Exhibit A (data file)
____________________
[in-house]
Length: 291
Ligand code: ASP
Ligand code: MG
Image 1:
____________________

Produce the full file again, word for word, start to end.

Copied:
[in-house]
Length: 291
Ligand code: ASP
Ligand code: MG
Image 1: